Hungarian Minority In Romania: Autonomy Not A Breach Of Laws
Hungarians demonstrated in Transylvania to call for autonomy in Romania over the weekend. Hungarian Foreign Minister Janos Martonyi reacted by stating that no form of autonomy contradicts the Romanian constitution or European or international laws.
Below is an article published by POLITICS.HU.
No form of autonomy is in violation of the Romanian constitution or European or international laws, Foreign Minister Janos Martonyi said on Wednesday [30 October 2013], in response to criticism of the Szekler march in which Hungarians in Transylvania pressed for autonomy over the weekend.
In an interview to public Kossuth radio, Martonyi said the fact that the Romanian constitution states Romania is a nation state does not rule out the possibility of local units of self-administration forming, which would not harm the unity of the state.
“Nobody is talking about a separate enclave in the middle of Romania,” he said.
If the vast majority of a community demands some form of autonomous administration or self-governance, it is a democratic principle that the mainstream majority should take this seriously and start talks over its concrete implementation, he added.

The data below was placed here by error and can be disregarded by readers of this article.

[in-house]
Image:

Another principle cited at Sunday’s [27 October 2013] demonstration is, however, guarded by international and European norms, namely that no territorial districting should be carried out in a way that hurts an ethnic minority or which could diminish its numbers, Martonyi noted.
Plans in Romania for new regional administration zones suggest that planned territorial changes would make the [Hungarian] community suffer, the same community which considers the creation of an autonomous region the democratic solution, he added.
The Hungarian government continues to support the endeavours of Hungarian communities beyond its borders, Martonyi said.
A demonstration called the Great Szekler March was held in central Romania on Sunday [27 October 2013], on a 53-kilometre stretch of main road. Sympathy marches were organised in several parts of Hungary on the same day.
On Monday [28 October 2013], Romanian Prime Minister Victor Ponta said he would address the Hungarian minority’s call for autonomy in conformity with the country’s constitution and the European norms.